Special combat unit of Afghan security force are seen in Greshk district of Helmand province, Afghanistan, Oct. 19, 2019. A special combat unit of Afghan security forces has started operation to stabilize Afghanistan's war-ravaged provinces involving a major gas pipeline project, an official said Monday. (Photo by Abdul Aziz Safdari/Xinhua)
LASHKAR GAH, Afghanistan, Oct. 21 (Xinhua) -- A special combat unit of Afghan security forces has started operation to stabilize Afghanistan's war-ravaged provinces involving a major gas pipeline project, an official said Monday.
Construction work of the Turkmenistan-Afghanistan-Pakistan-India (TAPI) pipeline project in Afghan territory was inaugurated in February 2018.
However, less works has been done in Afghanistan terrain so far as security issue over the construction and maintenance of the line has remained big concerns.
"The formation of the new security unit is part of government efforts to provide security for the Highway One crossing from Delaram district, Nimroz province to Maiwand district, Kandahar province onward to Greshk district in the neighboring Helmand province," Omar Zwak, Helmand provincial government spokesman, told Xinhua.
The TAPI pipeline is expected to pass through five Afghan provinces, namely Herat, Farah, Nimroz, Helmand and Kandahar.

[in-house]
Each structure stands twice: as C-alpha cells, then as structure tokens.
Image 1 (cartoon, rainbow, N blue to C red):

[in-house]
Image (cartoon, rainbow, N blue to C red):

"The 700-member combat unit, tasked to provide security for TAPI project, was formed two months ago, but the unit started operation a couple of days ago," Zwak added.
The official noted that "although, work on the TAPI project has not still practically started, the unit has begun the hard-duty and already managed to ensure enormous change in the security of most parts of Helmand province."
The project will transfer the natural gas of Turkmenistan to Pakistan and India through Afghanistan.
The TAPI pipeline project, which was expected to be completed by 2019, was inaugurated by leaders of the four involving countries in January 2016.
The project work on the Turkmenistan section has reportedly been completed, but on its section of Afghanistan it failed, due to rising insecurity.
"In the past, scattered conflicts have erupted along the highway between the two provinces, in the south but the situation has now changed since the formation and deployment of the rapid reaction unit," said the official.
TAPI project, according to officials, would transport 33 billion cubic meters of natural gas from Galkynysh gas reserve of Turkmenistan annually along the 1,800 km-long route to Fazilka near the border with Pakistan in northern India.
Afghanistan would earn 500 million U.S. dollars as royalty each year from TAPI project, according to Afghan officials.
According to Afghan observers, implementation of TAPI project would also provide job opportunities for more than 10,000 people in Afghanistan.